The Postal Museum in London: a ticket to ride

posted in: Blog, London | 4
The wall by the Postal Museum, London
The wall by the Postal Museum

As Londoners, we have explored our home city pretty well over the years. We’ve enjoyed big attractions like the Science Museum, and sought out smaller ones like Dr Johnson’s House. We’ve travelled in different directions, from north to Kenwood House, across the river to the glories of Greenwich. So we were pretty excited at the thought of visiting a new museum – especially one with a ride…

The Postal Museum is great – I should say that straight up – and unique. It’s genuinely interesting (I had no idea that post boxes were originally green, for example) and has been very carefully thought out so that the interactive parts work well and also informative. There are loads of interesting exhibits and artefacts, and you can even design your own stamp!

The Mail Rail ride at the Postal Museum, London
The Mail Rail ride at the Postal Museum,
Where is it?

The Museum is on two sites, near the former Mount Pleasant depot in Clerkenwell, London.  The first involves the ride – on a real mail train – and for most people it’s the highlight. I should admit right now, that I could not bring myself to go on this as I don’t like very small enclosed spaces, but Brian, Robert and Jess really enjoyed their 15 minute journey and I could watch it all on a screen just behind the track, so didn’t really feel I missed out.

History in action

I can’t imagine that many people know that a postal railway network operated under London for much of the 20th century. It distributed letters and parcels across the city, from Paddington to Whitechapel (around 6.5 miles) on specially designed trains, cutting down delivery times dramatically and delivering millions of letters each day.

The driver on the Mail Rail rideIt was actually the world’s first driverless electric railway when it opened in 1927, and visitors can travel in a specially adapted train into these underground tunnels. They take you back in time, past a dartboard on a wall, which the workers – who loaded the bags of letters – used to play on between shifts, into the Blitz and even a powercut (I was glad not to be on the train for that one…..)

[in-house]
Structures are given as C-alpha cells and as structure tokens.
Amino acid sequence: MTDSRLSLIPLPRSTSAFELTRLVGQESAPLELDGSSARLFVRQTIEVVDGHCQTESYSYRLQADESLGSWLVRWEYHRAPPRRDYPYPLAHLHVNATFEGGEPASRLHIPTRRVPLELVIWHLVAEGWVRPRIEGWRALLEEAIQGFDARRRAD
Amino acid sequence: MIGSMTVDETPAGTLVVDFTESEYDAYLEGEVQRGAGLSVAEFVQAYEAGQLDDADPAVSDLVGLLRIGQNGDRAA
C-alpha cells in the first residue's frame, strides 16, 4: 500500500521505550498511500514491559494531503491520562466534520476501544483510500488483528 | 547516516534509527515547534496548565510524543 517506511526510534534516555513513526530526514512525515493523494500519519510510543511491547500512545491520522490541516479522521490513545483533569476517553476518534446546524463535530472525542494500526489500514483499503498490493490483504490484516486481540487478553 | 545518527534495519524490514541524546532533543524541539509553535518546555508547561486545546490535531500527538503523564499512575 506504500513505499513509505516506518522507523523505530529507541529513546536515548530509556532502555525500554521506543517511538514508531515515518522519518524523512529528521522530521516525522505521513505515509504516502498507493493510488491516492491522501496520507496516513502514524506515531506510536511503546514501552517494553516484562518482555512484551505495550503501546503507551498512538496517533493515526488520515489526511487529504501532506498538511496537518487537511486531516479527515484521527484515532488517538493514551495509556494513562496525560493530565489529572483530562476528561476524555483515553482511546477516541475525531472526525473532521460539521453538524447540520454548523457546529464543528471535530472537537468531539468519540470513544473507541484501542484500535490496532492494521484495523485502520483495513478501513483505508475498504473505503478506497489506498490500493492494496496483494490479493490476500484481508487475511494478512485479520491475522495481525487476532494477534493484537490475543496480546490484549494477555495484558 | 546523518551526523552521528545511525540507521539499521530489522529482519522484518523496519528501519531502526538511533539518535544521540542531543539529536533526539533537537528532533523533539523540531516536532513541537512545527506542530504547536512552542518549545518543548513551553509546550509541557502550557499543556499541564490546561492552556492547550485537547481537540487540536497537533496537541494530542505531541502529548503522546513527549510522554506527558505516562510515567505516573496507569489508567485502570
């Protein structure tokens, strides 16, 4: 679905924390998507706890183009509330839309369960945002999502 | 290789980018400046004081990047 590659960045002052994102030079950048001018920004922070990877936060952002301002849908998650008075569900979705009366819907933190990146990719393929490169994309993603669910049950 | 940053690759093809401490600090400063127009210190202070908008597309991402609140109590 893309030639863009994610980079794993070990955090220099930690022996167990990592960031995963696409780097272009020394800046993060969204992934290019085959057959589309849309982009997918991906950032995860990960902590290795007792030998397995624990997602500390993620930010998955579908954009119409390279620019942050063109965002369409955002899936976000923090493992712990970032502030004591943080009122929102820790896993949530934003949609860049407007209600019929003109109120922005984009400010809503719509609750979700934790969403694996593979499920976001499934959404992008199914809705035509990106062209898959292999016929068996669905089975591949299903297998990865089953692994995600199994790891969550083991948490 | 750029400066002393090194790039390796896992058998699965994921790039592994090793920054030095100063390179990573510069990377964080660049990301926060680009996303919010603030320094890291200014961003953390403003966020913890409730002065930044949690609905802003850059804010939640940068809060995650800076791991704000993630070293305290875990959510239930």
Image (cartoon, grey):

The service closed in 2003 – basically because we’ve stopped sending so much post (damned Internet!)

Once you disembark from the Mail Rail, there’s an accompanying exhibition which is well worth your time. You can see the original trains, try to keep the trains running by controlling the network (this was tricky) and sort the mail while the ground is moving (we all liked this one!).

The second half

After you’ve finished with the Mail Rail part, cross the road and walk up a little bit and you can visit the actual Postal Museum Exhibition. This is small, but really good, taking you right back to the history of the mail service, when Henry VIII was on the throne, to the present day.

You can see an original mail coach, a sheet of Penny Blacks, and the original sculpture of the Queen’s head which has been used on millions of stamps. You can also dress up, and find out about how the post was delivered in war time. I found this really moving.

Rare Edward VIII stamps on show
Rare Edward VIII stamps on show

There’s also a playspace “Sorted” for younger kids.

Robert, aged 13, says:

“I really enjoyed all the interactive activities to take part in that were scattered around the museum. You could make custom stamps that you could decorate with your face and an array of animated decorations. You could also play electronic games, one in which you pick which way to go to complete the quickest delivery route and another in which you make important decisions regarding the safety of the mail, your passengers and your deadline to deliver. Those activities were really fun although they weren’t something you would want to do numerous times.

“However, there was one activity I could’ve kept doing for hours (which I almost did!). It was the pneumatic mail delivery tubes and involved writing messages before placing them in mail capsules and then pushing them into chutes which transported your message all around the exhibition before dropping it off at the alternate station. Whoever was at that station would then write back so you could have a fun conversation with the person the receiving end.”

An original green postbox
Postboxes were originally green!

All in all, we would recommend The Postal Musem as a great day out for all ages. You should book the Mail Rail in advance as it gets extremely popular and afterwards, either eat in the cafe, or take a quick walk to Exmouth Market, which is full of shops and stalls.

Need to know

The Postal Musum is open every day from 10 till 5pm

Entry to the exhibitions costs £11 for adults and is free for children.

A trip on the Mail Rail and the exhibitions is £17.45 for adults and £10.45 for children.

You can find more information on the museum’s website.


4 Responses

  1. Christine

    I’ve had this on my radar since the Mail Rail ride opened. Haven’t quite managed to get there yet but I’m even more determined since I read your post. Good to see that the rest of the museum is worth visiting too.

  2. Edward Hansen

    Seems very fantastic museum. I’ll must visit here in my next London tour. Thanks Sarah for sharing the post with awesome photos.

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